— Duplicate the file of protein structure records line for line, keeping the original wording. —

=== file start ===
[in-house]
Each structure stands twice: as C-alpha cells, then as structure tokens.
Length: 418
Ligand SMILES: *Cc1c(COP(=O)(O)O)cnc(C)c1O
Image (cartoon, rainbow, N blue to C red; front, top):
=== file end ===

[in-house]
Each structure stands twice: as C-alpha cells, then as structure tokens.
Length: 418
Ligand SMILES: *Cc1c(COP(=O)(O)O)cnc(C)c1O
Image (cartoon, rainbow, N blue to C red; front, top):